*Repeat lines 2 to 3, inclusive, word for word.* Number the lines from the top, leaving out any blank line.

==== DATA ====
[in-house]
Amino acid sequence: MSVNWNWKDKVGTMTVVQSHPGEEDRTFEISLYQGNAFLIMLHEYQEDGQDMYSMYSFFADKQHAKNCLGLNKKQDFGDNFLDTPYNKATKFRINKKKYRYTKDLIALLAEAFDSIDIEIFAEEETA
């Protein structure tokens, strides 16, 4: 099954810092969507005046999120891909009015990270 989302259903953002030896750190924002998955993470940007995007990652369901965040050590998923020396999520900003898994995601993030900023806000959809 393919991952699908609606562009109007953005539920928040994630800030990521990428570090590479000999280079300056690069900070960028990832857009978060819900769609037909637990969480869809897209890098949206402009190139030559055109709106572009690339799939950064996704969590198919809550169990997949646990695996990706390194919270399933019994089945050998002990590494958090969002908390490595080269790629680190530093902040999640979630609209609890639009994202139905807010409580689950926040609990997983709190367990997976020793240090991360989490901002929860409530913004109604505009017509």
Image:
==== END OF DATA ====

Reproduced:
Amino acid sequence: MSVNWNWKDKVGTMTVVQSHPGEEDRTFEISLYQGNAFLIMLHEYQEDGQDMYSMYSFFADKQHAKNCLGLNKKQDFGDNFLDTPYNKATKFRINKKKYRYTKDLIALLAEAFDSIDIEIFAEEETA
């Protein structure tokens, strides 16, 4: 099954810092969507005046999120891909009015990270 989302259903953002030896750190924002998955993470940007995007990652369901965040050590998923020396999520900003898994995601993030900023806000959809 393919991952699908609606562009109007953005539920928040994630800030990521990428570090590479000999280079300056690069900070960028990832857009978060819900769609037909637990969480869809897209890098949206402009190139030559055109709106572009690339799939950064996704969590198919809550169990997949646990695996990706390194919270399933019994089945050998002990590494958090969002908390490595080269790629680190530093902040999640979630609209609890639009994202139905807010409580689950926040609990997983709190367990997976020793240090991360989490901002929860409530913004109604505009017509």